Sunday, November 9, 2014

Do We Need Parent-Teacher Conferences? A Better Alternative


We just wrapped up our most recent round of parent-teacher conferences. Attendance was dismal.

The poor attendance caused me to reflect, “Why was attendance so low?”
  • With student grades being updated regularly online, parents know how their children are doing.
  • Our teachers and counselors regularly communicate with families, sharing positive news, student progress, and student challenges. They’ve reached out to parents of struggling students, so phone calls and conferences with many parents have already been held prior to Parent-Teacher Conference night.
  • By high school, many parents have heard the same thing for years about their child.
The idea behind parent-teacher conferences—to support student success through engaging parents—is commendable, but if parents aren’t attending, we must look at other ways to create shared school-family responsibility to support student learning and development.

So what if, instead of parent-teacher conferences, we used the allotted and required parent-teacher conference days to plan for and conduct Student Showcases?

Many classrooms sat empty during our most recent parent-teacher conferences. Maybe it's time we look for alternatives


What’s a Student Showcase?
  • An annual event where families, community members and others are invited
  • An experiences that highlights student work, creativity, discovery, ingenuity, research, innovation, 21st-century skills, and more
  • A forum that engages students, families and community
  • A means of communicating all the wonderful work our students/children and teachers do
  • Opportunities for students to present their work, interact with the public and gain valuable experiences that extend beyond the classroom
  • A way for students to connect with members of the community, potentially leading to jobs or other opportunities
Possible Student Showcase Ideas:
  • Culinary students perform cooking demonstrations.
  • Choir, orchestra and band classes give small, intimate concerts.
  • Senior capstone students share their projects with community members.
  • Students in floral design hold workshops for families, allowing families to learn the tricks-of-the-trade.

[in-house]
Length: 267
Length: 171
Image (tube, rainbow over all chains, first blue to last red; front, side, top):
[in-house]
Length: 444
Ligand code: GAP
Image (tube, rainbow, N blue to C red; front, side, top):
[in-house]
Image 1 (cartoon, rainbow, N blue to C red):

• English, foreign language, and social studies classes present projects, make speeches, conduct Socratic Seminars, recite poetry, etc. with families in attendance.
  • Students in Career-Technical Education classes present and demonstrate their projects.
  • Art students display their works.
  • Science students conduct and explain labs or projects to community members.
  • Students in health and PE teach some of the unique games they play to their families or present some of their health projects to families.
  • Students in film analysis showcase their films.
  • Computer programming students share their programs and games. 
I know a school-wide event like this requires immense planning and time, things that educators don't exactly have a lot of, so it would require some tweaking to our school calendar and some other minor changes. But, I also view the Student Showcase as an opportunity to celebrate student growth and excellence, things that we can never do enough of.

As a parent, I know I’d be excited and eager to attend an event like this.

Maybe it’s time we scrap, the traditional parent-teacher conferences for something different, something better. Let me know your thoughts below.

4 comments:

Tim said...

What a great idea! I think one of the most important statements you make is "By high school, many parents have heard the same thing for years about their child." It's so true. It's time for a paradigm shift, and it's time to start new dialogues to refresh family-school relationships! Thanks for sharing.

Keith Howell said...

Reed, Great idea and it is another example of empowering our students. I always enjoy observing a conference when our students are leading them, showcasing their learning and future goals. I look forward to hearing if you make the shift to "a better alternative." Good luck!

Shyla John said...

It is good to observing a conference when our students are leading them, showcasing their learning and future goals.

Office screen

Logan Mannix said...

Agreed - with today's technology a parent teacher conference is rarely necessary, and not usually well timed. I think students need more opportunities to have an audience beyond their teacher for the work. I would love the chance to have students present an investigation or experiment to the community.